How to make a tweet/Facebook post go viral – 7 lessons from ‘You don’t need your polling card’

Last Wednesday, the day before the general election, I casually popped a little note on social media. That message exploded. I’ve had posts go viral before, but this was by far the biggest. So I thought it would be interesting to bash out the stats of the tweet, and try to explore why this message triggered the instinct...

What Brexit means for your finances in 2017

In June 2016, the day after the European Union referendum vote, I wrote an instant first impressions news analysis guide on what Brexit is likely to mean for your finances. Now for the start of 2017, I’m braving revisiting that guide – in the form of this blog, to see how well it stacks up and what has changed.

What Brexit means for your finances in 2017

In June 2016, the day after the European Union referendum vote, I wrote an instant first impressions news analysis guide on what Brexit is likely to mean for your finances. Now for the start of 2017, I’m braving revisiting that guide – in the form of this blog, to see how well it stacks up and what...

Autumn Statement Submission 2: End ridiculous affordability rules for those remortgaging

On 23 November the new Chancellor Phillip Hammond, will present his first Autumn Statement – it’s likely to contain a range of major policy announcements. As always the Treasury has invited submissions, and this year MSE and felt it was time to take them up on the offer – we’ve submitted two. The first was unfreeze the student loan...

Quote, misquotes and the truth about my appearance in the ‘Stronger In Europe’ leaflet

Arriving home a few days ago, I picked up the Stronger In Europe leaflet that had dropped through my letterbox, and almost dropped my wallet (and you can imagine how tightly I cling to that) to see my picture at the top of it. After all I’d not been asked, nor had I given my permission, nor...

Can you pass the election numbers test?

How good is your knowledge of the election?  I popped into Radio 2 yesterday to chat to Jeremy Vine about the sheer joy of election maths. I feel a certain frisson at the massive complications and bizarre nature of a first past the post general election. It’s a bit like Eurovision, some watch for the songs and...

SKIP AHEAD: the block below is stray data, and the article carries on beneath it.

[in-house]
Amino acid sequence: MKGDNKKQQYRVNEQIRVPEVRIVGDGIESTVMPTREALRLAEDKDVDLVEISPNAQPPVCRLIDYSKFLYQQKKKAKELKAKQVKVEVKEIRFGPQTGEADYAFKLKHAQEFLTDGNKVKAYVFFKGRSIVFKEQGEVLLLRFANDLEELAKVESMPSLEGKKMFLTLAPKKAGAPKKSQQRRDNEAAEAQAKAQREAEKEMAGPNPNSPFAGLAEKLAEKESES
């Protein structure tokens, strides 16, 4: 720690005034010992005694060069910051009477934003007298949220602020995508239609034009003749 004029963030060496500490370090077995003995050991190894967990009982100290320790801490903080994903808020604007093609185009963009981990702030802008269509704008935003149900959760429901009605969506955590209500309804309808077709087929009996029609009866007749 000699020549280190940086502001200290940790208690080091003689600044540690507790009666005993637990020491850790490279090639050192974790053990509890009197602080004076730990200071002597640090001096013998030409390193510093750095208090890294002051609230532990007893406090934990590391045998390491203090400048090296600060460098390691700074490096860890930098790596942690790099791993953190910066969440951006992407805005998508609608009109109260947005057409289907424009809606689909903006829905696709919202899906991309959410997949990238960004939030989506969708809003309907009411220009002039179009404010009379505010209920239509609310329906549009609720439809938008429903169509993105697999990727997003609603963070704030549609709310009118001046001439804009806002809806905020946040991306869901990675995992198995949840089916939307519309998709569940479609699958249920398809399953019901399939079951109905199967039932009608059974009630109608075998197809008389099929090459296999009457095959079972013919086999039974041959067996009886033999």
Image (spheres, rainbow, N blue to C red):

Mrs Thatcher’s funeral should set a precedent

Politics is a tribal game. Like football fans, supporters of each team often position themselves at odds with each other, even when differences can be intangible. Therefore, when one of our country’s former Prime Ministers dies, that polarisation makes its difficult for our ruling elite to decide the appropriate treatment. The problem here, what makes a "great...

Student Finance 2012 changes – it’s time to tackle the ignorance

Update Note 13 June 2011: Now see the new Student Finance 2012 the facts guide (direct link www.studentfinance2012.com I had a good meeting yesterday with David Willetts (Minister for Universities and Skills) and Simon Hughes MP (Advocate for Access to Education). While I’m not the greatest fan of the 2012 changes, I do believe a chunk of...

Council tax, 20 years since it was valued: a flawed system no one’s brave enough to sort out

Take a look at the back of your council tax letter, you’ll see that what band you’re in depends on the property’s value on 1 April 1991, twenty years ago today.   This valuation was done in ‘second gear’ by estate agents and others driving past. It was a stop-gap measure, but in England and Scotland it’s...

When did a shrinking economy count as a recovery?

I’ve just watched the BBC One o’clock news. In it the headline (give or take a word) said… “The UK economy didn’t shrink as much as expected during the last quarter, falling only 0.7%. The real question though is how long this recovery will be sustained.” Hold on, the economy SHRANK -0.7% in three months. That’s not...